What happens if LinkedIn, SEEK, and Indeed turned off the lights and didn’t exist anymore?
Well, turning to your employee referral program would be a good alternative. An employee referral program can be a rich source of potential Talent if it is set up correctly and given the right support. So how can we do that?
We spoke to some of your peers to find out what they are doing to run a successful program. What do you think? Use the comment section to share your thoughts!
Senior Tech Recruiter at Zendesk
Critical to the success of our referral programme (our current hire rate is 35-40 percent) is making sure every referral is responded to in a timely manner.
Either to arrange a formal discussion regarding the role/company in general or to simply acknowledge the referral for future roles.
By doing this we ensure the referrer feels their recommendations are valued and the referral rate has remained at a consistently high level as a result.
I have seen higher referral fees paid elsewhere but we continue to get high-quality candidates sent through as a result of the high touch approach we adopt.
Global Talent Acquisition Capability Manager at Mondelez Australia
For me, the key is to have the technology in place to support the program properly from the outset.
Tracking these programs manually can be a huge admin burden if not carefully thought out.
Ideal scenario is that your ATS can support and be a central location for your referrals throughout the recruitment process so that it is easy to track, evaluate and measure the success as well as linking through to the reward administration in the end.
Head of People at Noggin
The biggest pitfall is adopting a “set and forget” approach.
Having a referral program and actually getting value from one are two very different things. We need to engage with our people and really drive a culture of encouraging and rewarding employee referrals.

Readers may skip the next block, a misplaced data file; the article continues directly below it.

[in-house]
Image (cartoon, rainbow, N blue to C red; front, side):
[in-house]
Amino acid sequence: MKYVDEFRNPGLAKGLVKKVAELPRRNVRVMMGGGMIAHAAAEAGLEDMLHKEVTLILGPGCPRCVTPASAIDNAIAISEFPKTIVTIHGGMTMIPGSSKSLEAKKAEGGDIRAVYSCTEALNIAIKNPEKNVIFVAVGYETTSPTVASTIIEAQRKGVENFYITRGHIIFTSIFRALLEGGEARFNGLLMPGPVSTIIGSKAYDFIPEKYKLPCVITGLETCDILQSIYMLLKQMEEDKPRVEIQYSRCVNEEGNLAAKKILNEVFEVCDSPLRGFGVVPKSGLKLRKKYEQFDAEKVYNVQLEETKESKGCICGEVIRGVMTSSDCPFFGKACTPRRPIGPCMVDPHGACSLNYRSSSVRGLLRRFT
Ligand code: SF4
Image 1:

And to do so, we can’t just have a page on the intranet and expect the referrals to start rolling in. Its important that we communicate with the business about what roles we are hiring for and how they can be a part of that process.
Further to this, we need to explain why our people should invest their time in making referrals and how doing so is going to benefit them and the company.
If people don’t understand the why – then knowing the who, how and what is irrelevant.
Senior Consultant at Polyglot Group
One of the traps companies often fall into when implementing referral programs is that they make them too complicated and complex rather than a seamless experience.
You will easily discourage your employees from participating if your process requires them to jump through multiple hoops before they can actually refer someone to your company.
Hence, your program guideline should not read like a life insurance policy with chunky paragraphs and rules that are hard to understand and follow through.
You will also want to avoid asking your employees to fill out a pile of paperwork because let’s face it – their day-today tasks keep them busy and most people really don’t enjoy filling out documents. Utilising technology and automated workflows are key here.
Here is a list of employee referral softwares to help you decide which is suitable for you – https://www.g2.com/categories/employee-referral 🙂
Do you run a successful employee referral program? Would you like to share your story? Drop us a note and let’s talk!
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